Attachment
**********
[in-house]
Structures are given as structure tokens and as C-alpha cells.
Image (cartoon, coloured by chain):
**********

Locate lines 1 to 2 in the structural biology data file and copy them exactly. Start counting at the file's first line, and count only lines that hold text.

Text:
[in-house]
Structures are given as structure tokens and as C-alpha cells.